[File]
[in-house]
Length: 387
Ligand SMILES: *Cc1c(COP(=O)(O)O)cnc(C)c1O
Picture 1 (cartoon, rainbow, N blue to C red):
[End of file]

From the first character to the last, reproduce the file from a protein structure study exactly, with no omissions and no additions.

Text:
[in-house]
Length: 387
Ligand SMILES: *Cc1c(COP(=O)(O)O)cnc(C)c1O
Picture 1 (cartoon, rainbow, N blue to C red):